The set-up: General Electric (GE) has taken a beating lately after disappointing results and a dividend decrease. If you like to think off the charts, it’s actually turning into a possible oversold play.

Clearly, I’m not the only one thinking this, as my colleague Jeff Bishop of – unbeknownst to me – wrote about his stake in GE options for this site yesterday. Where he is already in the trade, I’m simply moving the company to my watch list.

What I’m looking for: Obviously, I want to see the stock find and hold support and start a move up. The Relative Strength Index (RSI) has to push above 30; there typically are a lot of shorts ready to take their money and run when a stock comes out of oversold, and those guys have been winning while GE is losing, so you have to expect them to be ready to take their profits.

How I will play it: If we see that upturn, there could be money to make buying to open January at-the-money call options for a potential swing. I don’t have entry or profit/stop targets in mind yet, though you certainly could follow Jeff Bishop’s lead here.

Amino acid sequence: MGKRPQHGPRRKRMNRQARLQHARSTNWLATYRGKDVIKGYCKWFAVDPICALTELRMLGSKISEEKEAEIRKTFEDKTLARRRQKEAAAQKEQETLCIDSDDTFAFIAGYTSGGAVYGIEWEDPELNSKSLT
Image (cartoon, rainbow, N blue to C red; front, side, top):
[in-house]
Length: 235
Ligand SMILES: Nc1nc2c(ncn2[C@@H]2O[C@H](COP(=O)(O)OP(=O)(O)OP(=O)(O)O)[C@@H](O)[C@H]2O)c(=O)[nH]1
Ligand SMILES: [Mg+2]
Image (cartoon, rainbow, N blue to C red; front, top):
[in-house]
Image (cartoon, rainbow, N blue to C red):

See why Jeff Bishop already is in GE options

To me, this is a great example of a potential trade to be patient with. You need to let it come to you; if it doesn’t come all the way to complete the set-up, forget about figuring profit/stops/entries and just move on.

This isn’t a trade for everyone. I’ve never traded GE before because it just isn’t volatile enough; as you can see in the chart, it could be a bottom bouncer or it could just continue its landslide, but it’s worth at least watching to see how it plays out.


Davis Martin is the head trader at He trades SPY calls and puts and swing trades individual stocks and stock options. At the time this article was published on, he had no shares, options or open orders in GE — and had never traded i the stock before — but he was watching the stock as described in this article.

Davis Martin

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